The Simple Present tense is used to describe actions that occur habitually, regularly, or continually. It is also used to talk about things that are true in general. Verbs that are used in the simple present include everyday actions like ‘write’, ‘eat’, and ‘sleep’. Use this page to identify the simple present exactly by studying its conjugation and rules tables, sentence examples, and FAQs. It’s the most basic of tenses, the most structural, and the reference point to all verb conjugations.

Future Perfect Progressive

In English grammar, the Future Perfect Progressive tense, also known as the future perfect continuous tense, is used to describe an action that will be ongoing at a certain point in the future. This tense combines the perfect aspect with the continuous or progressive aspect. This page provides an overview of the future perfect progressive tense and offers examples of how it can be used. The aim is to simplify the rules surrounding this complex grammatical form and provide practical tips for using it in everyday conversations.

Conditional Mood

By gaining an understanding of the different verb moods and when to use them, we can improve our communication skills in English. The use of verb moods can add emphasis to a sentence, reflecting the speaker’s attitude towards the action or state expressed by the verb. Among the five verb moods, the Conditional Mood is used to explain potential outcomes rather than actual ones.This page focuses on the conditional verb mood, providing clear examples and exercises to help strengthen your understanding of it.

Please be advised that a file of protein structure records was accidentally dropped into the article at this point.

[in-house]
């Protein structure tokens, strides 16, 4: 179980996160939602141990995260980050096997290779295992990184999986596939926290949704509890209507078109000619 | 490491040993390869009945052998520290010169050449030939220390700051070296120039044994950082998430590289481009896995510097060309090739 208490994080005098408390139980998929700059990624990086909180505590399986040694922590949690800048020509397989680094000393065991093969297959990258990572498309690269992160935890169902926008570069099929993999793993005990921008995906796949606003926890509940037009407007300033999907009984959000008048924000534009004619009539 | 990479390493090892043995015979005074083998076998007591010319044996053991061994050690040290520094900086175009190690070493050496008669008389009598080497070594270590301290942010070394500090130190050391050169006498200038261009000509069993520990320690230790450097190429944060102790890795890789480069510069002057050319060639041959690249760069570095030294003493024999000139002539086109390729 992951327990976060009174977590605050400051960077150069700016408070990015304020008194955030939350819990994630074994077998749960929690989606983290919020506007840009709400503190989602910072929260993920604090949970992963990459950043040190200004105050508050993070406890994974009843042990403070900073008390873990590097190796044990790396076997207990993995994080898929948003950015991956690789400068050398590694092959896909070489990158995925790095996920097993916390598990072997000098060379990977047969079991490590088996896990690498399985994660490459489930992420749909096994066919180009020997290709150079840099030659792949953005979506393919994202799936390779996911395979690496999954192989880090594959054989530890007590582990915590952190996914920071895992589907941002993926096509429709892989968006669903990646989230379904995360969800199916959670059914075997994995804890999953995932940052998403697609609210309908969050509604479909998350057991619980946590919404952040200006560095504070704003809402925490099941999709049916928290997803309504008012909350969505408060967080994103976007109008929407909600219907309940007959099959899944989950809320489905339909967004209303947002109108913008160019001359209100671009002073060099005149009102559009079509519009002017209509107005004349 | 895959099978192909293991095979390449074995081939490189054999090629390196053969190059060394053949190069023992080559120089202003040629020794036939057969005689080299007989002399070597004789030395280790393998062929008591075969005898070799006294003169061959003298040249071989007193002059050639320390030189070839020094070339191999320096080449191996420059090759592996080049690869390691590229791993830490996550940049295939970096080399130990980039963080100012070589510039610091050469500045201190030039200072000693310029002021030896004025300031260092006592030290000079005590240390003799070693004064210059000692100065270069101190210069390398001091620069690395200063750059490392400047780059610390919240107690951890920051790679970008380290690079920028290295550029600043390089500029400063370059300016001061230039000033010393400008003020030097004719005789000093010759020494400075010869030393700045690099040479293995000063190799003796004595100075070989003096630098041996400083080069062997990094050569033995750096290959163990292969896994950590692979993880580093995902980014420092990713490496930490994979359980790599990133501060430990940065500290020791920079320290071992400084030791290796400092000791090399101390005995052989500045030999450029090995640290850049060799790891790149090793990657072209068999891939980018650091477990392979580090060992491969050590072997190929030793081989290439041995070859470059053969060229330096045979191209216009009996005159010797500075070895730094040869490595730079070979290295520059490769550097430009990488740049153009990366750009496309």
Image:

Subjunctive Mood

Verbs can provide emphasis to a sentence through their use of moods, which reflect the speaker’s attitude towards the action or state expressed by the verb. One of the five verb moods, the Subjunctive Mood, is used to describe hypothetical situations or express wishes, demands, or suggestions. Improving our communication skills in language involves understanding the different verb moods and their appropriate usage. The subjunctive verb mood is the focus of this page, which aims to enhance your knowledge and usage through clear examples and exercises.

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Frequently Asked Questions:

Verbs have multiple classifications based on their functions, which are often interlinked. Some verbs can simultaneously be main, linking, action, transitive, active-voice, and regular verbs. The primary classifications include main, auxiliary, and linking verbs.

Additionally, there are other types such as stative and action, intransitive and transitive, passive voice and active voice, irregular and regular verbs, modal verbs, and phrasal verbs. Tenses, infinitives, and verbals are considered sub-types or distinct subjects.

Assuming we already understand that dynamic verbs express actions or physical activities, while stative verbs express states of being, we can also view them as deliberate and non-deliberate actions.